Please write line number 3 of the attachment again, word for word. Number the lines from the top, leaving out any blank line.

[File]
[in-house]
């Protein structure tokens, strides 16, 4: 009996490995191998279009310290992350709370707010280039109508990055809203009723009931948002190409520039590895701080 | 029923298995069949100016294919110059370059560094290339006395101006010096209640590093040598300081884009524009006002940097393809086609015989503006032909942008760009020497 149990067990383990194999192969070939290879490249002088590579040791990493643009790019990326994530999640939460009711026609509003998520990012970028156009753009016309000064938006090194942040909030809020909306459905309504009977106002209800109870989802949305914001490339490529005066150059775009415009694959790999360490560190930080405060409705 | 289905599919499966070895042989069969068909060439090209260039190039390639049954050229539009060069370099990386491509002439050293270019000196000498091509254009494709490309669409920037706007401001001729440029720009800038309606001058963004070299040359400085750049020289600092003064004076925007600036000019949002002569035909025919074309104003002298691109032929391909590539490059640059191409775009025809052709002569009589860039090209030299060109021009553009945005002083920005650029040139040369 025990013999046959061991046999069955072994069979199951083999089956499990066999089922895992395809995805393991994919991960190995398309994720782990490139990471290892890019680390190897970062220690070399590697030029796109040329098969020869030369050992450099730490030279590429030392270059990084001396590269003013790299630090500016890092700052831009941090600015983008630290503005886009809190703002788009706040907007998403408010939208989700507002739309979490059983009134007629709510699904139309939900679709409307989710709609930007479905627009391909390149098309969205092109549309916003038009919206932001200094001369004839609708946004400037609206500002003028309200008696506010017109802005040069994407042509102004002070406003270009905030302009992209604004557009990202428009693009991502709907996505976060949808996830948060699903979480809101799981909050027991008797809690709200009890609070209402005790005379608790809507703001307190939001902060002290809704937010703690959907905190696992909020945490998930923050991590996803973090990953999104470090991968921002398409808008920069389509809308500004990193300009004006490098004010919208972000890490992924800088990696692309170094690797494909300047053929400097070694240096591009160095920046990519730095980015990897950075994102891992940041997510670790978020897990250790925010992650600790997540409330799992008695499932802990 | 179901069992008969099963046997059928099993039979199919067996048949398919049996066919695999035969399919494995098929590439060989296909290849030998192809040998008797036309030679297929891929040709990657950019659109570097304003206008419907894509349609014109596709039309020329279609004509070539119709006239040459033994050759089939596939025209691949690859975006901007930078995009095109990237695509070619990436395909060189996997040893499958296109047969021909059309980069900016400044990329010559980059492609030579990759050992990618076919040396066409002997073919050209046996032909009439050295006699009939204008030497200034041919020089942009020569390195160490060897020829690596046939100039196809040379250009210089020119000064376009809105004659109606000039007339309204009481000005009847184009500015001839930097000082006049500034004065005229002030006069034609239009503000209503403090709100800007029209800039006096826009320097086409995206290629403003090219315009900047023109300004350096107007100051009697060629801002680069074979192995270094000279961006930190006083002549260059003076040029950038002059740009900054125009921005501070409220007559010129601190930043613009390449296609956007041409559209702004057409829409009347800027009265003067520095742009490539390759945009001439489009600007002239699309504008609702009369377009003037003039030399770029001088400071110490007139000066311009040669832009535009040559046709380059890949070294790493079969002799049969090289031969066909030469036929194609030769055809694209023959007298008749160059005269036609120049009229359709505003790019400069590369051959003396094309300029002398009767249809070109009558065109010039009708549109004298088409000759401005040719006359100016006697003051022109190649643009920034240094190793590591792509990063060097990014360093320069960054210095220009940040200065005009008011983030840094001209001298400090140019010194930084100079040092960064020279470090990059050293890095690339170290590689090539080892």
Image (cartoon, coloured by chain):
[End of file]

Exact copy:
Image (cartoon, coloured by chain):